Watching Sims Park finally starting to come together is somewhat akin to working on a jigsaw puzzle and finally starting to see the overall picture emerge.
I’ve been enjoying the past few weeks as the shade structure for the playground went up and the brick pedestrian walkway took final form.
The new parking for the West Pasco Historical Society is now paved and things on the north side of the park have never looked so good. All that is needed is for some striping to mark out the parking places and signs for the handicapped parking.
My wife and I dropped by the Museum Friday night to visit with the Historical Society folks. Bob Langford and I went out to look at some of the work that is still in progress. It’s not finished, but you can start to tell how nice it is going to be once the work is finished and the sod goes into place.
The brick walkway that replaces the section of Circle Blvd in front of the Historical Society Museum is beautiful. While it can be opened up for parades and special events, it will be a wonderful walking space the rest of the year.
Just imagine it once the rest of the sod goes into place. Much to my pleasant surprise, the pedestrian walkway has been completed in time for the Christmas Parade this Saturday. I’ll be the first to admit that I had my doubts about that a month ago.
There are still some things that have to be completed over the next few weeks, including the installation of the shade structures inside the concert circle. Still, you can see things taking shape. The concrete for the splash pad went in earlier this week.
It is all coming together. We are on track to have everything except the punch list items done by the end of the year. The city manager announced that the grand re-opening of the park will be on January 30th.
One piece of the Sims Park Puzzle that hasn’t been scheduled yet are the projection screens. I’m hoping we can agree on them and get them installed ASAP. The question at hand is whether to build the designer’s recommended 7×13 (widescreen) screens or save money by installing smaller 7×10 screens. Knowing how much everyone regrets cheaping out on the lap pool at the Rec. Center, I’m inclined to support spending the extra money to do the projection screens right.
The Sims Park project is a microcosm of what is happening city-wide. My wife noted one indication of this around Orange Lake last night: There are quite a few more Christmas Cards on display than have been there the last few years. Businesses that are in “hunker down” mode don’t spend money on sponsoring Christmas Cards.
There are an enormous number of moving pieces that all have to come together for a coherent whole. Those pieces are starting to fall into place. If you focus on the individual pieces, you risk missing the overall picture that is emerging.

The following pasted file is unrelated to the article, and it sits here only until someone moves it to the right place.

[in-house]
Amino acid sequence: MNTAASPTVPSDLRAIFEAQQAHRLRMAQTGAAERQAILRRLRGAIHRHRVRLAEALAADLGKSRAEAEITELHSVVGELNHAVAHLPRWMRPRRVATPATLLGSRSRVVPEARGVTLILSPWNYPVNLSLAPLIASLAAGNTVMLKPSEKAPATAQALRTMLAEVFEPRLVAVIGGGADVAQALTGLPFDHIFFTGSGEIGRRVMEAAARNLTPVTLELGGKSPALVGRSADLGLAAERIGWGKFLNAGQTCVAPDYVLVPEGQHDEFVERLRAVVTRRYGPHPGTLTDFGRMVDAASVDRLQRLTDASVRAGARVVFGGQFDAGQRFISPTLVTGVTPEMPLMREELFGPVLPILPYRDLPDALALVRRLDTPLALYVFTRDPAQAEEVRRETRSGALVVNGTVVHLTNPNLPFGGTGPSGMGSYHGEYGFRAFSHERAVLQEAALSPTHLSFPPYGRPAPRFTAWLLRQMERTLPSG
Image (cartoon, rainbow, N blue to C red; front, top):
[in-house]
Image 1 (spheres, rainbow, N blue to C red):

One newspaper columnist recently took issue with the county’s attempt to define Pasco in terms of “place”. While I don’t agree with some of the county’s decisions, such as allowing urban sprawl on the SR 54/56 corridor, I agree that we need to think of Pasco County in general and New Port Richey is particular in terms of a place where you want to live, work, and play. Nothing will change until we agree to make our area something more than a bedroom community for Tampa. That process is well underway here in New Port Richey.
Good things are happening in the private sector:
The Dulcet won a “Golden Spoon” award this month. A Golden Spoon restaurant in New Port Richey? It’s true. Other New Port Richey restaurants are worthy of praise too. They may not be “Golden Spoon” worthy, but they do what they do very well. Rose’s Bistro and Johnny Grits come immediately to mind, but they aren’t the only ones.
Long vacant storefronts are filling up. This isn’t just in the historic district either.
Developers are nosing around, looking for opportunities. So are small business owners, who are looking for a new home.
What all of these folks have in common is that they believe in New Port Richey as a “place” that matches Pasco County’s “Vibrant Places” slogan. Perfect, no. A little better every day? Yes. Vibrant? Absolutely!
New Port Richey is doing it’s part:
We’ve got a recommendation for a bid award for the Hacienda restoration work on the December 15th agenda. It will be nice to see this project finally underway.
We are fighting blight in all of its forms: Demolishing unsafe structures, addressing the twin issues of crime and drugs, addressing the appearance of both our businesses and our neighborhoods, and taking a stand that our parks and sidewalks are for the citizens of New Port Richey.
All pieces of a puzzle that is coming together to show what will soon be a very attractive place to live, work, and play.
Rob Marlowe, Mayor